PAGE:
In The Matter Of Dwight Hugh Simon Day An Attorney At Law
Argued: January 17, 2019
Docket No. XIV-2015-0222E
Christina Blunda appeared on behalf of the Office of Attorney
N. Adams appeared on behalf of respondent.
A. Brodsky Chief Counsel
C. FROST, CHAIR.
Honorable Chief Justice and Associate Justices of the Supreme
Court of New Jersey.
matter was before us on a disciplinary recommendation for
disbarment filed by Special Master Harold W. Fullilove,
J.S.C. (Ret, ). The three-count formal ethics complaint
charged respondent with violations of RPC 1.15
(presumably, subsection (a)) and the principles of In re
Wilson, 81, N.J, 451 (1979) (knowing misappropriation of
client funds), RPC 3.3(a)(1) -- (false statement of
material fact to a tribunal), RPC 8.4(b) (commission
of a criminal act that reflects adversely on the lawyer's
honesty, trustworthiness or fitness as a lawyer), and RPC
8.4(c) (conduct involving dishonesty, fraud, deceit or
misrepresentation) (count one); RPC 8.1(b) (failure
to cooperate with disciplinary authorities) (count two); and
RPC 1.15(d) and BL 1:21-6 (recordkeeping) (count
Office of Attorney Ethics (OAE) recommends respondent's
disbarment. Respondent contends that, at most, his misconduct
constituted negligent misappropriation of client trust funds,
and, therefore, disbarment is not warranted.
reasons detailed below, we find that respondent knowingly
misappropriated client trust funds and, thus, recommend his
earned admission to the New Jersey bar in 2004. During the
relevant time frame, he was a solo practitioner, with an
office in Newark, New Jersey. He has no prior discipline.
the relevant time frame, respondent maintained an attorney
trust account (ATA) at PNC Bank and an attorney business
account (ABA) at Wells Fargo. In September or October 2010,
the grievant, B.N., retained respondent to sue the federal
government in connection with injuries he claimed to have
received when he was assaulted while incarcerated in federal
prison. Respondent and B.N. executed a contingent fee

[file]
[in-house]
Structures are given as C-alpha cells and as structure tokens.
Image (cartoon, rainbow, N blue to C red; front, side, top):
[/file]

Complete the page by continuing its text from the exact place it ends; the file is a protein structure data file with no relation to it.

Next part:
agreement that provided for attorneys' fees "based
on a percentage of the net recovery," but failed to set
forth the specific percentage.
August 12, 2011, respondent filed a lawsuit in behalf of
B.N., ; naming the federal government and multiple federal
employees as defendants. Almost three years later, in
February 2014, the parties to the lawsuit executed a
Stipulation of Dismissal, whereby B.N. agreed to dismiss the
complaint, with prejudice, in return for a $10, 000
July 14, 2014 letter, respondent informed B.N. that he had
not yet received the settlement proceeds, but would deduct
$3, 000 from them for his costs, expenses, and attorneys'
fees. In that letter, respondent asked B.N. to provide him
instructions for disbursing B.N.'s portion of the
settlement. Two days later, on July 16, 2014, an Assistant
United States Attorney hand-delivered to respondent a $10,
000 United States Treasury check, payable to respondent's
law firm. That same day, respondent deposited the check in
his ATA, bringing the balance to $14, 524.38, which included
the $10, 000 for B.N., $4, 394.50 for an unrelated client
matter (Nelson), and $129.88 in unidentified trust funds.
respondent initially alleged that he was entitled to almost
$6, 000 of the settlement amount, he later negotiated with
B.N. and agreed that, of the $10, 000 settlement, respondent
would receive a $2, 000 fee, and B.N. would receive $8, 000.
Respondent made this concession because he did not have
documents supporting the costs he claimed he had incurred in
B. N's case. Moreover, respondent admitted that he had
neither prepared nor provided to B.N. a settlement statement,
as he routinely did for other clients in civil matters.
Respondent admitted that he had never sent B.N. the final $1,
000 of the $8, 000 he owed to his client.
the ethics hearing, respondent repeatedly admitted that,
although he knew that he had an express obligation to hold a
client's settlement funds in his ATA until they are
disbursed, he had not done so in respect of B.N.'s trust
funds. Respondent further admitted that, notwithstanding his
awareness of his duty to safeguard B.N.'s funds, within
approximately one month of receipt of those trust funds, he
had disbursed ...